10/26/23: Virtual Talks with Video Activists: Nick DeMartino

Join us for a virtual screening/discussion with early video pioneer Nick DeMartino, moderated by film scholar/filmmaker Carmine Grimaldi.

A full replay of the October 26 event.

At Media Burn, we’ve been particularly focused on the “Guerrilla Television” era of video not just because there was such an explosion of great, fascinating work, but because it was a time in which videomakers were concerned, above all, with creating new forms of media that had never existed before. The grand project of Guerrilla Television was nothing short than a total disruption of the community’s relationship to their TV sets: videomakers took their cameras out into the community and recorded, collaborated with, and trained the people who lived there. They wanted to make people active participants in the media that was beamed into their living rooms every day: to let actual real-life people talk and to get cameras into their hands.

Nick DeMartino was at the forefront of those efforts in Washington, D.C., where he co-founded Washington Community Video Center to produce videos about and by the local communities that the mainstream media willfully ignored. He became a very successful producer of independent television, bringing new and important perspectives to crucial topics like racism, housing, reproductive health, nuclear safety, and the media itself. At the same time, he spent years lobbying for access and funding for independent media. This program will reflect the remarkably broad and ambitious scope of DeMartino’s work in television and video.

Nick DeMartino

Nick DeMartino began a 50-year career in media and entertainment in 1970 as editor of the College Press Service in Washington, D.C. The group’s annual conference introduced him to both video and cable TV. He soon found his way to the Community Video Center at Federal City College, where he produced a videotape on cable TV organizing. In 1972 he co-founded the Washington Community Video Center, a storefront center in the heart of the multi-racial Adams-Morgan neighborhood as a prototype for a cable TV access center. WCVC produced tapes on topics like housing, health care, immigration, and gentrification. A print newsletter evolved into the influential national quarterly TeleVISIONS to chronicle media movements. The storefront closed in 1975 as cable TV development stalled, but TeleVISIONS continued through 1981. DeMartino founded the Coalition for New Public Affairs Programming in 1976 to lobby for access and funding on behalf of 20 leading US video groups. DeMartino’s public TV producing credits include So Far, So Good, The New Klan, Nuclear Power, Abortion, and Sitcom. He joined the staff of the Carnegie Commission, where he advocated a center for independent television and co-authored A Public Trust and Keeping PACE with the New Television. In 1982 he joined Larry Kirkman to create the Labor Institute of Public Affairs at the AFL-CIO. In 1990 DeMartino began a 20-year stint at the American Film Institute in Los Angeles, developing programs at the intersection of Silicon Valley and Hollywood. After leaving AFI in 2010, he consulted with producers, nonprofits, and startups on internet media, retiring in 2020 to write a memoir.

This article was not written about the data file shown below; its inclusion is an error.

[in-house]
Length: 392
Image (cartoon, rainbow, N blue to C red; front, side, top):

Carmine Grimaldi

Carmine Grimaldi is a filmmaker and a historian of media, currently teaching at Vanderbilt University. In both his creative and academic work, he is particularly interested in the way that aesthetic experience inflects everyday life. His films have screened at venues such as True/False, Visions du Reel, The Museum of the Moving Image, Maryland FF, Sheffield Doc/Fest, RIDM, Chicago International FF, Camden, and Dokufest, where he received the prize for best short film. In 2017, he was named one of the 25 New Faces of Independent Film by Filmmaker Magazine, and has been a fellow at the Sensory Ethnography Lab, Harvard’s Film Study Center, and the University of Wisconsin – Madison’s Center for the Humanities. In addition to his filmmaking, he researches and writes about the history of early video technology, focusing on the period before video became a mainstay in the world of art and documentary, when various researchers experimented with the technology in places like classrooms and psychiatric clinics. His article on the subject, “Televising Psyche: Feedback, Style, and the Seductiveness of Video,” was published in Representations; his work has also appeared in the LA Review of Books, The Intercept, The Atlantic, MUBI Notebook, and Filmmaker Magazine.

This event is free to attend. Media Burn is a 501(c)3 nonprofit, and we depend on donations to continue our work. Please consider making a donation along with your ticket signup, or at https://mediaburn.org/donate or by texting MEDIABURN to 44321



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